Join Mark Christiansen for an in-depth discussion in this video Recognize trackable points, part of After Effects Compositing: 6 Tracking and Stabilization.
- In this section and the next one, I want to kind of upend the conventional wisdom about tracking and that conventional wisdom says that you really want as accurate and as automated a track as possible. Well, the truth is, that's just not always realistic, in fact, it's rarely the case that the automated tools give you something that is ready for final. Now, this shot is really pretty great to start with.
And it just has a few flaws that we need to correct with visual effects. The one we planned for was having a grip in shot, although he was a little more in shot than we planned, he actually decided to take his own footage which is what happens when you have a skater as your grip. But more generally, we need to remove him and do a little bit of re-timing so that the chair doesn't move before the landing and so that the rest of the movement happens right at the landing.
So we're going to focus on removing this guy. Now, it would be great if we could just use something like Rotobrush to say, yeah, just select that grip and remove him. But in fact, there are other tracking tools that are simpler and more effective in this case, so I've got this basic roto, and what you can see from that is it's overlapping some things that come in front of it, specifically, just going through the shot, there's the chair and the background to fill in behind it, and then in front of it, there's a table leg, the couch, a hat, and then finally, a parasol.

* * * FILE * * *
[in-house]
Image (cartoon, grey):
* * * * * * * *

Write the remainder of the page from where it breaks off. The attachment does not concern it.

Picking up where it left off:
So in this section, we're going to start by focusing on that couch with the theory that it's going to be much easier to just ignore, making the roto more accurate frame by frame along the edge of that couch and just actually roto in a mask for the couch itself. And that's going to be accomplished 80 to 90 percent with tracking, and then the rest is just going to be some simple hand-key framed roto. So the idea here is to be quick, not worry too much about accuracy although we will fix things that get broken, and then move along.
So no doubt, someday you'll be able to just tell the computer, "Remove that guy," and it will all be done without any effort for you. But since we haven't reached that day yet, I'm going to take you the opposite direction and show you how you can use the tools that are there, and not rely on them to be perfect, but instead plan for them to be imperfect, and leverage what they can do to make your manual work a lot easier.
Here, Mark Christiansen shows how to use the five different After Effects trackers, customizing them to work best in the situations that motion graphics artists encounter most often. He covers the fundamentals, as well as opportunities to think outside the box, especially when an automated approach won't work.
- Why point track?
- Recognizing trackable points
- Offsetting a tracker
- Applying the track to a matte
- Using nulls and third-party scripts to create track mattes
- Tracking and stabilizing objects and planes
- Automated tracking
- Applying 3D tracks